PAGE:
Micro Sheet Resistance Probing (µRSP)

The advancement of the semiconductor industry has an enormous impact on our daily lives and society in general. Examples of semiconductor products are central processing units (CPUs), memory, imaging sensors in digital cameras and mobile phones - the list is inexhaustible. Major companies in this industry are Intel, IBM, AMD and NEC Toshiba etc.

Consumers worldwide demand faster and better computers and exciting electronic gadgets at a very competitive price. To fulfill this massive demand and enormous consumer market, the semiconductor industry has continuously reduced production costs and decreased the size of basic structures which are the building blocks of e.g. computer chips. The smallest width of structures inside the latest Xeon Intel processors is 45 nm. The depth of ultra-shallow junctions (USJ) of the next generation 32-nm technology is less than 20 nm. Characterizing the electrical properties (sheet resistance, mobility, active carrier density) of USJ and CIPT (resistance area product and tunnel magnetoresistance) wafers is critical for the development and quality control of next generation semiconductors.

Our vision is to develop novel metrology tools based on advanced silicon micromachining technology, which will enable the multibillion euro semiconductor industry to characterize USJ and CIPT structures in the near future.

Fig. 1: SEM images of µRSP. µRSP is a miniaturization of the well established four-point-probe metrology used for sheet resistance measurements. Left: top view, the cantilevers are about 25 µm long. Middle: front view. Right: zoom in of the front view.

Advanced metrology for characterization of magnetic tunnel junctions

Metrologies play a dominant role in the development of new materials and products. 
Among a group of materials that are particularly difficult to characterize is magnetic tunnel junctions (MTJ’s). These are multilayered structures of magnetic thin films separated by one or more dielectric tunnel barrier(s), which are only few angstroms thick. MTJ’s are widely used in hard disk read heads and magnetic random access memory (MRAM). 

In the past decade, the current-in-plane tunneling (CIPT) method has been employed as an increasingly important MTJ metrology and is today used in industry and research worldwide. The CIPT method extracts electrical material properties of MTJ’s using micro fabricated electrodes, the so-called micro 12-point probes (M12PP). The CIPT method extracts the resistance-area product (RA) and the tunnel magnetoresistance (TMR) of non-patterned MTJ samples.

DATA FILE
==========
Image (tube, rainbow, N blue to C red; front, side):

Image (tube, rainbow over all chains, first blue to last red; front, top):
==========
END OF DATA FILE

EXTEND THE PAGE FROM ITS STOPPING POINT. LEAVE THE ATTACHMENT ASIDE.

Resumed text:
The measurement requirements depend on the specific structure of the MTJ samples, and in order to meet the present and future requirements for MTJ based products, improvements to measurement speed, dynamic range, precision, reliability and cost are all urgent challenges to be addressed in this project.
 
Fig 2. State of the art M12PP supplied by CAPRES A/S.

Fig. 3. L-shaped static contact micro four-point probes. Similar cantilever design will be tested in this project to determine their influence on CIPT measurement quality and probe lifetime.
Petersen D. H., et al. Static contact micro four-point probes with <11 nm positioning repeatability. Microelectronic Engineering 85 (2008) 1092–1095.

Micro Hall effect measurements for commercial use

In 2008 researchers at DTU Nanotech invented a method to measure charge carrier mobility using inline micro cantilever four point probes (µ4pp). Inline µ4pp is the core technology of Capres A/S (located at Scion DTU), who is the collaborational partner on the project. The aim is to further refine the technique for proper implementation into a semi-automatic measurement platform. The main focus is on how various sources of error affect the measurements, how to detect them and deal with them. This will ensure maximum reliability of the metrology as expected by the industry. Secondly precision and accuracy must be optimized to offer the best possible performance.

Fig. 4. The core principle of measuring the charge carrier mobility with an inline µ4pp is to break sample symmetry by measuring close to the sample edge. Only at the edge a Hall signal can be measured when the sample is placed in a magnetic field perpendicular to the edge. L-shaped cantilevers are used to minimize dynamic position errors.

 

People

   

Daniel Kjær   Henrik H. Henrichsen Dirch H. Petersen    Ole Hansen 
 

Partners

 


 

Student projects

Please contact Ole Hansen.
 

Funding

DTU Nanotech, Capres A/S, and The Danish National Advanced Technology Foundation

https://www.nanolab.dtu.dk/english/research/silicon-microtechnology/research/mrsp
19 JUNE 2019